Dennis E. Showalter, Joseph P. Robinson, Janet A. Robinson. The German Failure in Belgium, August 1914: How Faulty Reconnaissance Exposed the Weakness of the Schlieffen Plan. Jefferson: McFarland, 2019. 225 pp. $39.95 (paper), ISBN 978-1-4766-7462-9.
Reviewed by Nicholas Sambaluk (Air University)
Published on H-War (April, 2023)
Commissioned by Margaret Sankey (Air University)
While the book acknowledges that a great deal of past (and simplistic) critique of the German 1914 campaign in the West could be summarized as accusing Helmuth von Moltke the Younger of simply failing to perform Alfred von Schlieffen’s brilliant prewar concept, the authors close with an assertion that at first blush might seem to resemble the hoary criticisms: “Had Schlieffen’s allocation of cavalry divisions been implemented, opportunities would have been enhanced to surprise and confuse [Belgian and Entente forces] in those first weeks” (p. 188). In fact, however, the analysis is much more thoughtful than simply being another rehash of the oldest aspersions against Germany’s first wartime commander.
For the authors, the hopes of Germany’s campaign plan hinged on allocating a strong cavalry force onto the German right wing and having it concentrate on the task of reconnaissance. German intentions could only be fulfilled if the Belgian and British forces could be found and neutralized so that the French left wing could quickly be located, fixed, and enveloped. However, several factors mitigated against this. One involved intrinsic limitations on cavalry at the outbreak of war; practicing large-scale reconnaissance actions in peacetime had been infeasible, so the tasks were unfamiliar. Logistical and shortcomings raised further problems, as wartime corps-sized cavalry formations were not provided any logistical or staff apparatus above the level of their component divisions. The unreliability, small number, and poor distribution of radio technology contributed a communications element to the problem. Faulty allocation of forces was another, with Germany’s already limited cavalry resource distributed in a way that expected just three divisions to accomplish a host of formidable and sometimes contradictory tasks. In a doctrinal sense, there was also the problem of fully acknowledging that the cavalry could still serve a crucial reconnaissance role but that its combat functionality was curtailed by modern weapons. A well-known drubbing at Halen on August 12 and a more obscure clash at Waremme on August 6 badly mauled the already overstretched German cavalry forces on the right flank.
Despite all these problems, the book alleges that, had German cavalry “swung around into the rear area of the BEF near Mons, World War I might very well have taken a completely different course. Indeed, that result might have been certain” (p. 184). The authors blame a pattern of inadequate staff work and of plans founded on hope for that momentous failure.
In the course of making its case about the cavalry’s reconnaissance role and failure, the book does an impressive job of describing the outset of the campaign and of introducing and contextualizing facts for the reader. This includes discussions of the last-moment alterations in Belgian defensive dispositions (and communication gaps on the German side that allowed Berlin to notice these but the field commands to be surprised by them), the implications and second-order effects of Moltke’s decision to avoid violating Dutch sovereignty by marching through Maastricht, a clearer understanding of the central role of 21-centimeter mortars in reducing Belgian forts and the truly marginal role of the vaunted 42-centimeter weapons, the training and preparation of Belgium’s grades of the Civil Guard, and German units’ reaction to supposed free-shooters while crossing Belgium. The discussion of German aviation, its utilization, and how it too largely failed as an instrument of reconnaissance is a small but interesting aspect of the book. The description of the reallocation (eighteen days into the campaign) of another corps-sized cavalry force to help reinforce the right wing illustrates Moltke’s belated recognition of the troop-to-task imbalance on the advancing right wing.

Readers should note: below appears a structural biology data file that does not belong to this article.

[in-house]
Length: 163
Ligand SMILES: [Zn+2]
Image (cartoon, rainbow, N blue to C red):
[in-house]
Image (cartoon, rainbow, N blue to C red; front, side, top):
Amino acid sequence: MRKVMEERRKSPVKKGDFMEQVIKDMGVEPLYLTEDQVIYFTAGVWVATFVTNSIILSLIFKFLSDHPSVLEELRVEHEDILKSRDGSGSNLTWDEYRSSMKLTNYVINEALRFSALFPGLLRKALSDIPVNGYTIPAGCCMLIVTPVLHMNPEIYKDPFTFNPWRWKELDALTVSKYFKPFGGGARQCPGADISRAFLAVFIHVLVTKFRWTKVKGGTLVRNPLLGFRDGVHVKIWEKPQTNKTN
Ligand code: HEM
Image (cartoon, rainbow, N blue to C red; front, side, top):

The book is presented as a collaboration between the eminent late Denis Showalter, Colonel (ret.) Janet A. Robinson who also has experience as a scholar of Germany and World War I, and Colonel (ret.) Joseph P. Robinson, whose US Army service included work in operations and plans for wartime organizations. The book makes its mark by translating a command of secondary literature into a coherent picture of the campaign and by interrogating the events through the perspective of a campaign planner. The German Failure in Belgium, August 1914 is a valuable addition to the literature.
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Nicholas Sambaluk. Review of Showalter, Dennis E.; Robinson, Joseph P.; Robinson, Janet A., The German Failure in Belgium, August 1914: How Faulty Reconnaissance Exposed the Weakness of the Schlieffen Plan.
H-War, H-Net Reviews.
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